Waterhouse weeps

Published: Sunday | November 8, 2009

Residents avoid the streets in Waterhouse as thugs have residents cowering in fear. - File

THE UNWELCOME guest called crime has taken residence in several communities across the island,carrying with it 1,361 murders in the first 10 months of this year.

In many communities, news of another killing is no big deal and the sound of gunfire means, "Get flat!" and not "Get worried".

But there are times when the weight of the violence becomes much too much and residents reach out to security forces and the wider community for help.

That is now the case in Waterhouse, St Andrew, where law-abiding residents are in tears.

Waterhouse, located between Washington Boulevard and Spanish Town Road in St Andrew, has produced the current world's fastest woman, Shelly-Ann Fraser, many other outstanding athletes, and a number of Jamaica's leading musicians.

However, the community has long been infamous for acts of violence, which many say are not surprising when residents have dubbed their little sections Moscow, Havana, Cuba and Samokan in tribute to hot spots and dangerous characters who lived in these areas.

gang feuds

For the past eight weeks, the gang feuds have escalated, with 11 persons killed, at least two properties fire-bombed and several residents shot.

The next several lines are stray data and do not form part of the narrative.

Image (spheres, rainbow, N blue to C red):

"Me live here for 40 years and this is the worst me ever see the place," one elderly man told The Sunday Gleaner team recently.

"Is pure gunshot, gunshot and is only since last Monday when the police and soldier them full up the place me go a me bed and wake up in the morning and me no hear gunshots," the elderly resident added.

"It start with one man a behave bad. Then it go to two bad man and then it go to four, and now the cancer spread where all outside man involved and it no matter who dem young boy yah kill," he added.

But it is not just the violence and the fear of violence that has left the people of Waterhouse weary.

"Di thugs dem a give trouble but at the same time we have to remember that there is no form of employment for the youth dem," an outspoken resident called 'Big Moose' claimed.

have nothing

"You have so many factories on Spanish Town Road, but check how many youths from about the place get work. Many of them (unemployed youths) here have no food, no parents and the only thing them see is the gun, which becomes their form of employment."

Coming around with the police and the soldiers just means more guns and no opportunity for the youths," Big Moose added as he pointed to a large stretch of open land which he argued could be used to establish a skills-training centre.

"Those who can run will run/but what about those who can't?/They will have to stay/Opportunity a scarce, scarce commodity in this time I say," chants Buju Banton in his hit song Untold Stories. And that is a chant which is echoing in Waterhouse as the residents are added to The Sunday Gleaner's People Under Pressure.

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